An indie wunderkind with a trademark bent for the deadpan.

Anderson been hailed as one of the most original and exciting filmmakers of his film-literate 'indie’ wunderkind generation.
Among his cinematic influences he cites Indian director Satyajit Ray (to whom he dedicated Darjeeling Limited), and French masters Francois Truffaut, Jean Renoir and Louis Malle.

But what makes Anderson’s work so distinctive is the deadpan wryness and quirkiness, the unexpected realism of the dialogue, the comic pathos that he injects into his humanism. This 'calculated naivete," as it’s been described by some critics, elicits tonal comparisons to literary great J.D. Salinger (Catcher in the Rye) whose inspiration has also been the dysfunctional, unorthodox family.

His movies are peopled by damaged characters searching for meaning and intimacy (even redemption), addressing failure and regret, working through pain and grief to the accompaniment of vibrant music sound tracks that assault the senses on conscious and subconscious levels.

Anderson began modestly enough collaborating with University of Texas pal actor Owen Wilson on a 14-minute short Bottle Rocket (1992), a story about friendship and petty crime based on the duo’s personal experiences. It screened at Sundance where the pair managed to raise finance  to make it into a feature (1996).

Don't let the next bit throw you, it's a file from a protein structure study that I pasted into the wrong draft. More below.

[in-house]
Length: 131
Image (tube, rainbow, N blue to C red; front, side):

Anderson found cult and critical success with his edgy, darker second feature, Rushmore (1998), about the desperation to break into friendships with the elite clique. But it was Oscar nominated The Royal Tenenbaums (2001), a story about child prodigies who never reach their potential, that catapulted him into the big league.

But his signature style, trademark slow motion endings and offbeat characters are an acquired taste which can, as in the case of Bill Murray starrer Life Aquatic with Steve Zissou, divide audiences, even his own fans.

The recent The Darjeeling Limited (2007), features a trio of squabbling brothers attempting a reconciliation following their father’s death on a train trip across India. The cathartic journey, with Louis Vuitton baggage in metaphoric role, takes an unexpected direction.  

Despite thematic recurrences in his movies, Anderson is determined not to be pigeonholed. His next venture, an animated adaptation of Roald Dahl’s book, The Fantastic Mr Fox (2009), voiced by Cate Blanchett, George Clooney (along with his regular collaborators Bill Murray, Angelica Huston and Jason Schwartzman), is likely to take him to new realms and win new fans.

– Mary Colbert